Company Harvesting Human Body Heat To Mine Cryptocurrencies
Dutch Startup Emulates ‘The Matrix’ By Utilizing Human Energy
A Dutch startup has been using the body heat of volunteers to mine cryptocurrencies in a project reminiscent of “The Matrix.”
by Mikael Thalen,
The Institute of Human Obsolescence (IoHO), a business venture based in The Hague, Netherlands, since 2015 has utilized specially-designed bodysuits to turn excess body heat into digital currency.
“A single human body at rest radiates 100 watts of excess heat,” IoHO’s website states. “We created a body-suit that uses thermoelectric generators to harvest the temperature differential between the human body and ambient and converts it into usable electricity. The electricity generated is then fed to a computer that produces cryptocurrency.”
More than 37 volunteers have reportedly produced 127,210 over the course of 212 hours since the project’s inception.
The company says it has focused solely on alternative coins such as Dash and Lisk, as opposed to Bitcoin, given the relatively low energy requirements needed for mining.
Speaking with Motherboard’s Daniel Oberhaus, IoHO founder Manuel Beltrán explained how the venture has progressed.
“We never mined bitcoins because it would be useless to produce them with human heat,” Beltrán said. “We exclusively mined altcoins and some of them have risen over 46,000% in value. What in the beginning was just small cents now became substantial amounts of money.”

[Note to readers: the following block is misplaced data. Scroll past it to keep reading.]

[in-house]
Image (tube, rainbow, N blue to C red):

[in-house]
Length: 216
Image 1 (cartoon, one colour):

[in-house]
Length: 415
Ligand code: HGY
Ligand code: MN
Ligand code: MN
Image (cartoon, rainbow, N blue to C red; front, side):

Of the 16,594 coins mined, volunteers kept 80 percent while the remaining 20 were kept by the IoHO.
Oberhaus estimates that had the startup attempted to mine a single Bitcoin, it would have taken more than 44,000 volunteers spending 24 hours per day in the bodysuit for one month.
“To do 1 bitcoin per month with IoHO’s tech—which in terms of efficiency is on par with most affordable wearable thermoelectric generators available today—you’d need around 44,000 people providing their body energy 24/7,” Oberhaus writes.
The IoHO bodysuits are believed to only be capable of harvesting less than 1 percent of the body heat produced by the volunteers.
“Machines are outing us,” the IoHO website states. “As some time ago happened to horses after the invention of the steam engine, humans are becoming obsolete to perform mechanical labor, soon, with the advance of artificial intelligence, it will also affect our possibilities to be useful workers performing intellectual labor.”